Molecular Dynamics Exercise 1

Exercise 1: Starting Out


  1. Getting familiar with the high-performance computing platform you will be using for the workshop.
  2. Getting familiar with the Molecular Dynamics algorithm used in all of these exercises.

You can move on when?

You have successfully compiled, submitted, and competed a run with the Molecular Dynamics program and completed a plot of the scaling of the algorithm with respect to matrix dimension.


In Exercise 1, you will become familiar with the serial version of the algorithm described in Background section. A reference implementation will be provided, with your task to examine and make sure you understand it, compile it on your HPC architecture, and then submit several runs of differing atom counts to view the performance characteristics of the code and the processors in your machine.

The program can be downloaded at: Since the code is one straight file, compilation is trivial:
  • C/C++
    • For Kraken: CC md.cpp -o md
    • For Ranger: pgCC md.cpp -o md
    • For Bluefire: xlC md.cpp -o md
    • For Kraken: ftn md.F -o md
    • For Ranger: pgf90 md.F -o md
    • For Bluefile: xlF md.F -o md
For further help on compiling codes on these HPC architectures: The program has the following syntax:

moldyn <NumberOfParticles> <NumIterations>

NumberOfParticles ? Total number of particles in the system.

NumIterations - The number of fixed iterations

For example:

sbrown@kraken-pwd4(XT5): ./moldyn 100 10

The Total Number of Cells is 144 With 7 particles per cell, and
1000 particles total in system Iteration         1 with Total Energy   0.6493868661E+05 Per Particle Iteration         2 with Total Energy   0.6493862883E+05 Per Particle Iteration         3 with Total Energy   0.6493849175E+05 Per Particle Iteration         4 with Total Energy   0.6493827537E+05 Per Particle Iteration         5 with Total Energy   0.6493797969E+05 Per Particle Iteration         6 with Total Energy   0.6493760472E+05 Per Particle Iteration         7 with Total Energy   0.6493715046E+05 Per Particle Iteration         8 with Total Energy   0.6493661691E+05 Per Particle Iteration         9 with Total Energy   0.6493600409E+05 Per Particle Iteration       10 with Total Energy   0.6493531200E+05 Per Particle The Iteration Time is       0.0599999987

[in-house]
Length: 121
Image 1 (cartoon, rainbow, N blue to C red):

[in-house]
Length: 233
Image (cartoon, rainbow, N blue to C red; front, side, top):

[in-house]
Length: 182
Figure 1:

1. Download the serial version of the code in your language of choice.

  2. Spend some time looking over the code, if there is something you don't understand, please ask an instructor to help.

  3. Compile the code with optimization level -O3.

  4. Test the code on a small number of atoms (while your code may not give exactly the same answer as above, it should be similar).

  5. Submit the following matrix sizes for 100 iterations to the queue: 1000, 10,000, and 100000 atoms.
  6. Make a plot of atoms vs. time reported to determine the scaling of the algorithm.

Questions to Ponder...

  1. Naively, this algorithm should scale as the number of atom squared, due to adding one more atom would require us to compute the contribution of the force from all of the other atoms in the system. By using cells and only computing adjacent cells contributions we have changed this. What is the scaling of your algorithm with number of atoms? Is it linear, square or something in between?

  2. What may limit the size of system you can do with this serial algorithm?

Extra Credit

  1. Are there any compiler flags beyond -O3 that enhance the serial performance of the code?

  2. Are there any programmatic enhancements that could be made to improve performance?

  3. One could analyze this algorithm with in-depth performance tools to understand why it performance at certain sizes.


  1. The queue submission script for this exercise should be fairly similar to the one you used for the example hello_world at the beginning of the workshop.